Åsa Johansson Palmkvist is a PhD student in Gender, Organisation and Technology in the Department of Industrial Economics and Management, KTH. Drawing on feminist theory, STS and organization studies, her PhD project aims at exploring how AI research links to the inclusion and exclusion of different people and enables and restricts specific ways of existing in this world.
Anne Kaun is professor in media and communication studies. Her research interests include media theory, mediated temporalities, algorithmic culture, automation and artificial intelligence from a humanistic social science perspective. She is currently leading the Swedish Network for Automated Decision-Making in the Public Sector, funded by Riksbankens Jubileumsfond. This network investigates the extensive implementation of automated decision-making in the welfare sector in Sweden to meet contemporary challenges including increasing costs and decreasing resources.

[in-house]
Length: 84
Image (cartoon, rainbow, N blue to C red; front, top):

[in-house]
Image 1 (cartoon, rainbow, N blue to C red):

Cecilia Magnusson Sjöberg is Professor and Subject Director of Law and Information Technology at the Swedish Law & Informatics Research Institute, Stockholm University. In 1992 she was awarded a LL.D. degree, with a doctoral thesis addressing legal automation with special focus on digitalisation in public administration. She has many years of experience of legal system design and management, giving rise to issues around cyber security. As such, legal implications of e-government remain as one of her major fields of interest.